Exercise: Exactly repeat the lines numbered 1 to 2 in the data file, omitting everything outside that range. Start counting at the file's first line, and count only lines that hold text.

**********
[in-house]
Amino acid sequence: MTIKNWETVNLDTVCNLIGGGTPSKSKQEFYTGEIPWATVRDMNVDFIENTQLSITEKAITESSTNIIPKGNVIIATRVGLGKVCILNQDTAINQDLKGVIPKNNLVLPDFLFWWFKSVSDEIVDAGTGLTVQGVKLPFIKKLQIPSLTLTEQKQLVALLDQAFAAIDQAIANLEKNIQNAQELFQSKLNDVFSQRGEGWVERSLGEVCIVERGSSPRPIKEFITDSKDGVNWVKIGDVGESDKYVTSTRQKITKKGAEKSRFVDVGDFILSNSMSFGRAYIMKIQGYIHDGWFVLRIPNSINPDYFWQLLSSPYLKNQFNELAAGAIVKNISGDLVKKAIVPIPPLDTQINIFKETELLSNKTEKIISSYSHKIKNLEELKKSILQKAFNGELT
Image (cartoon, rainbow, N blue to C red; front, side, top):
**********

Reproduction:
[in-house]
Amino acid sequence: MTIKNWETVNLDTVCNLIGGGTPSKSKQEFYTGEIPWATVRDMNVDFIENTQLSITEKAITESSTNIIPKGNVIIATRVGLGKVCILNQDTAINQDLKGVIPKNNLVLPDFLFWWFKSVSDEIVDAGTGLTVQGVKLPFIKKLQIPSLTLTEQKQLVALLDQAFAAIDQAIANLEKNIQNAQELFQSKLNDVFSQRGEGWVERSLGEVCIVERGSSPRPIKEFITDSKDGVNWVKIGDVGESDKYVTSTRQKITKKGAEKSRFVDVGDFILSNSMSFGRAYIMKIQGYIHDGWFVLRIPNSINPDYFWQLLSSPYLKNQFNELAAGAIVKNISGDLVKKAIVPIPPLDTQINIFKETELLSNKTEKIISSYSHKIKNLEELKKSILQKAFNGELT